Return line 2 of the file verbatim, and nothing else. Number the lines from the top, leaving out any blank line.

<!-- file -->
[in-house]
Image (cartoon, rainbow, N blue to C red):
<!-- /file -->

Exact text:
Image (cartoon, rainbow, N blue to C red):